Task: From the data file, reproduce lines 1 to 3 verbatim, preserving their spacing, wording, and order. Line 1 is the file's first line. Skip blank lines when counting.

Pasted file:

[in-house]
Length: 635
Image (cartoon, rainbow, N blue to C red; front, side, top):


[in-house]
Length: 635
Image (cartoon, rainbow, N blue to C red; front, side, top):